We were driving through the piney woods of East Texas, a few hours into our annual marathon drive back to North Carolina.
I was serving as pastor of a rural church about an hour south of Raleigh at the time, and we were headed back after spending Christmas in Texas with our families.
I loved being a pastor. The church I was serving could not have been a more kind or generous group of people. They loved us hard, and we tried to do the same in return.
But each year as we made our pilgrimage home to Texas for Christmas, I noticed it was growing harder and harder to leave.
Texas was home. And we missed it. We missed the people, the food, our family. All of it.
So, as we drove back to North Carolina, my wife brought up the idea of beginning to look for jobs in Texas. We’d had this conversation before, but that day as we drove, her voice held a different urgency.
Something had changed, but what?
Later that spring, I came across Lillian Daniel and Martin Copenhaver’s book, “This Odd and Wondrous Calling: The Public and Private Lives of Two Ministers.” In it, the two discuss the beauty and struggle of being a pastor.
In one poignant chapter, Daniel opens up about the difficulty of this life for couples.
As a pastor, you feel you are called to the church in which you serve, but what happens when your spouse isn’t finding the same sense of fulfillment and purpose where you are?
Would God call one person in a marriage to happiness and fulfillment while leaving the other to be miserable?
As I read and reread this chapter, it began to dawn on me that I was living this mistake. I was living out my calling, content in my work and fulfilled in my vocation.
But my wife? She was miserable.
The reason she was miserable wouldn’t become clear for almost another full year. By then, I’d resigned as pastor of our church, we’d moved back to Texas, and I had begun a different career in higher education.
We said this was the life we’d prayed for, the life we wanted, and yet things only got worse for my wife.
Depression works this way. It doesn’t know when you have what you want or are living the life of your dreams. It is a silent disease that appears and reappears at its leisure.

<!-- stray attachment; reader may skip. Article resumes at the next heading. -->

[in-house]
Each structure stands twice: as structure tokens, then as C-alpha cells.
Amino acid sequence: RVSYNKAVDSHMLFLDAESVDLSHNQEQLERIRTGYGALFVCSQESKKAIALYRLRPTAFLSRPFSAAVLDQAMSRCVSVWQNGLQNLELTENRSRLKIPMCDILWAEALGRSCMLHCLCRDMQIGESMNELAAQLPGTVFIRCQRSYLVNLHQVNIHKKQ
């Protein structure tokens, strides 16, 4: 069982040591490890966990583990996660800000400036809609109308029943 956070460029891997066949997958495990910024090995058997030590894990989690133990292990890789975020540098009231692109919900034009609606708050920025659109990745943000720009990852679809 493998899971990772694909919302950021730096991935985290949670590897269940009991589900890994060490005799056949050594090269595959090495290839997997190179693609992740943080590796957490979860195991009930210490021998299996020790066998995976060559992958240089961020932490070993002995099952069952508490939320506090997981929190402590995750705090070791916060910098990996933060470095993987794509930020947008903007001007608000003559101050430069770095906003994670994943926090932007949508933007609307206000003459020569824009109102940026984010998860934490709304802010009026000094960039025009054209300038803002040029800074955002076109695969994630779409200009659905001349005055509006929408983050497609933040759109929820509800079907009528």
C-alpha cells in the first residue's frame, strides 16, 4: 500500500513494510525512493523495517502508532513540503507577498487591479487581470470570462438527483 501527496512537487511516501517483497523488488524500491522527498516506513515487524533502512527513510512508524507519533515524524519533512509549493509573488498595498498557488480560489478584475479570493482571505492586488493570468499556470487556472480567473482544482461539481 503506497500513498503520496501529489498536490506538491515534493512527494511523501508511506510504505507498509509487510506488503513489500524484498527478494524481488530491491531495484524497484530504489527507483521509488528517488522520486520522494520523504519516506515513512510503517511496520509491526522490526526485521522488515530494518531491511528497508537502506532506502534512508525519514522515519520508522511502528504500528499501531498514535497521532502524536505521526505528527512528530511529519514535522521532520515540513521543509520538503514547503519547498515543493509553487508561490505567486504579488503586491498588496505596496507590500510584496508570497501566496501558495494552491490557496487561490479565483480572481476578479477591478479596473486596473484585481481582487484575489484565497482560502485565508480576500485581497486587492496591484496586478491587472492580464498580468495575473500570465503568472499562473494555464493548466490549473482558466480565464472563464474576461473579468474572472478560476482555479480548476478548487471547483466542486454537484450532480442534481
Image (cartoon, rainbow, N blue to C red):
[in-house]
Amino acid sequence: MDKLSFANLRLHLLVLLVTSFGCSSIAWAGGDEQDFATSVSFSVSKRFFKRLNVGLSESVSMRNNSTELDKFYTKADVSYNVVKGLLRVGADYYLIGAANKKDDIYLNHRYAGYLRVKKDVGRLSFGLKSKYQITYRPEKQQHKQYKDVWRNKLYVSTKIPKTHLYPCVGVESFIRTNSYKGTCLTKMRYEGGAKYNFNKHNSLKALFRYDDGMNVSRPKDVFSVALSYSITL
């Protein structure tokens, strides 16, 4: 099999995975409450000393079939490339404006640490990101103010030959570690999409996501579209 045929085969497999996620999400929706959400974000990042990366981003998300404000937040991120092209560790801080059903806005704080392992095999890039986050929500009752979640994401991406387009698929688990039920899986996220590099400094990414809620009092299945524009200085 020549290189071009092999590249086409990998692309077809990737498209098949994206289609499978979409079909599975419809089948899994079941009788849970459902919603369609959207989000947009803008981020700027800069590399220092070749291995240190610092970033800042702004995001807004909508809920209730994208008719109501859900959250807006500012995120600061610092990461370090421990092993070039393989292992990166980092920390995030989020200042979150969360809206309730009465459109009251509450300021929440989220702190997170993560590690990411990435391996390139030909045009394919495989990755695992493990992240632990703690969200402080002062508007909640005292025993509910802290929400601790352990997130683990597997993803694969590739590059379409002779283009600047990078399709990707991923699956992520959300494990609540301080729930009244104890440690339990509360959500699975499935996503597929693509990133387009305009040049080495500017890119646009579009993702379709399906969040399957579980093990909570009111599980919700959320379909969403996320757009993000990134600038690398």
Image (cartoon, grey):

Even in the years since she was diagnosed, we struggled to grasp fully this new way of living life together.
There are good days and there are bad days. And there is no way of knowing which days will be which. Such is the nature of depression.
I won’t go so far as to blame the church for my wife’s depression. She may very well have experienced this even if I had been in another vocation.
But I do believe there is a lot about being married to a pastor that created an environment that accelerated this process for her.
Choosing to be married to a pastor is hard. It is like signing a contract in which no part of who you are or what you do as a family will be private.
You constantly live wondering what those who sit next to you at church think about you as a parent and spouse, as well as about how you and your children look and act.
Everything feels like a referendum on you and your family, whether this is reality or not.
Many ministers’ spouses feel the weight of this daily and, for some like my wife, it eventually grows into depression.
I am constantly amazed at how far our society has come in its knowledge and understanding of mental health issues. But we have so much farther to go, especially in the church.
Most people who attend church have little understanding of the pressures they knowingly or unknowingly put on their ministerial staff and, by proxy, those staff members’ families.
My wife fell victim to this and struggled for years to find her voice and the strength to fight for herself and her mental health.
We as the church need to come to a fuller understanding of the often unrealistic expectations and pressures we place on ministers and their families.
We need churches who are willing to rethink their model of ministry and how much they ask of so few.
And we need churches who will be willing to lead out in the conversation on mental health, helping those who are weak to find their voice.
Then maybe instead of this being her fight or his fight, it might become our fight.
Editor’s note: This article is part of a series this week for Mental Health Awareness Month. The previous articles in the series are:
How Coronavirus Affects Your Mental Health and What You Can Do | Cate Schilling
7 Issues Your Family Must Navigate During COVID-19 Crisis | Kristyn Arnold
Young Adults Face Mental Health Issues in ‘Emerging Adulthood’ | Rebekah Gordon
Maintaining Clergy Mental Health Proves to be Complex Puzzle | Elizabeth Denham Thompson
4 Suggestions on How We Can Improve Clergy Mental Health | Paula Batts
Patrick Broaddus is a former pastor and currently works as a senior academic advisor at Baylor University in Waco, Texas. He continues to serve in pulpit supply and as interim pastor for churches in the greater Waco area.